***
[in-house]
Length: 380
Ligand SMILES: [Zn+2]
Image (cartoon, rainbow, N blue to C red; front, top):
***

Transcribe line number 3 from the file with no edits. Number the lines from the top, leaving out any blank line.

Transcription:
Ligand SMILES: [Zn+2]